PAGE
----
Unlike Mr. Beah, who had major trauma therapy in his country in a residential center staffed by trained counselors, Salifou was facing his demons in an adult jail, and the lawyers probing for details of his life, against asylum deadlines, were in effect his only therapists.

Sometimes, the lawyers said, they found a petulant teenager, or an angry soldier; sometimes he was a child closing his eyes, longing to be magically transported back to a time when his family was intact and pillow fights were his only combat.

“We realized we had to make him remember things that he wanted desperately to forget,” said Bryan Lonegan, the Legal Aid lawyer who screened Salifou’s case at the Sussex County, N. J., jail and enlisted the help of Mr. Kaye and his colleagues at the Cooley Godward Kronish law firm in Manhattan.

By then, Salifou had good reason to be confused and distrustful of the system he had entered when he sought asylum. Like many of the 5,000 unaccompanied minors apprehended each year, he had no valid identity documents. But based on the birth date he gave, he had been placed in a juvenile shelter in Queens.

Within days, after confiding to a counselor that he sometimes heard voices and had once attempted suicide, he was transferred to a mental hospital’s pediatric ward, where he was so medicated, he said, that he could barely move.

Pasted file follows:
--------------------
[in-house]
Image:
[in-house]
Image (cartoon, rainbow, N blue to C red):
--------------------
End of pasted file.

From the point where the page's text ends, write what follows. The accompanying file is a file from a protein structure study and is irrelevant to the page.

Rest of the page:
Discharged in time for Thanksgiving dinner at the children’s residence, he was suddenly declared to be over 18, not 17 years and 7 months as he maintained, based on an immigration service dentist’s interpretation of his X-rays — a practice that many doctors contest as unreliable. An adult immigration detention center refused to take him, so he was locked up in a county jail in western New Jersey.

His experience evokes the larger international confusion over how to draw the line between juveniles and adults, and what treatment is best for former child soldiers.

In one sense, Salifou’s childhood ended on Aug. 6, 2001, according to the 25-page affidavit he signed. That was the day his father and older sister were shot to death within earshot of the family home in Man, a market town in northwestern Ivory Coast. He remains tormented that as a 12-year-old he was powerless to protect his family when armed men ransacked the house and assaulted his mother.

His father, a civil servant in the defense ministry, had been politically active with an opposition party, but may also have dealt in arms and diamonds. He had been able to afford to send Salifou to a French school, where he excelled.

But after the murders of his father and sister, he fled with his mother, brother and two younger sisters. For three years, they lived in a roving camp for the displaced, and it was all they could do to stay alive.